As we continue our journey in 3D printing world we want to give credit to a free online STL repair software that helped us out – MakePrintable. In December 2016 we found ourselves in an unpleasant situation. We wanted to print a trending model Baby Groot but could not slice it properly. We have to admit that we are not as techy savvy as we want to be, and therefore we struggled to find the solution. In the picture below you can see that the object had bad mesh. There were many holes and some parts were detached from each other.
Initially, we printed this model in wood. However, it looked like so many unnecessary retractions were a bit too much for wood filament. Maybe it would’ve worked better in ABS or PLA, but our target was to make Groot in wood.
After searching through different forums, we came across an STL repair software for 3D printing that has sorted out our 3D model – MakePrintable. The basic functionality is in the name: it makes models 3D printable. When we uploaded Baby Groot Flower Pot into this online tool, we had to wait for a while to get it processed. During the procedure the diagnostics and procession details were displayed. After hours of failed attempts and struggling to get this model to print, there was a pleasant relieve. The model was analysed and fixed and was now showing no holes and it looked good in Simplify3D. We were especially happy when Baby Groot was successfully printed on our Prusa i3 MK2. Please see the picture below.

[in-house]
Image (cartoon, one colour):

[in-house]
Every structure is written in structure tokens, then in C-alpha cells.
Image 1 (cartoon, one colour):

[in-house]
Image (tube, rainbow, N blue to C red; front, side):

Our default slicer is Simplify3D. We keep following Makers Muse’s tutorials and learn something new every day. But when we came against this type of a problem, we had no knowledge about the specific slicer settings needed in this situation. Later we realised that we could repair Baby Groot’s mesh ourselves in Simplify3D. Despite of this, we are very thankful to MakePrintable for the help that day. Mesh repair software is a valuable addition to the whole 3D printing operation.
STL Repair Software for 3D Printing – MakePrintable Update
Recently we noticed that MakePrintable had a new initiative. They have started a collection of unique 3D printable models. Files for those are available for free on their website. There is an option to produce a G-code, meaning that the model gets sliced and ready to be uploaded into a 3D printer. We might try to print Augustin Flowalistick’s 3D Football soon.
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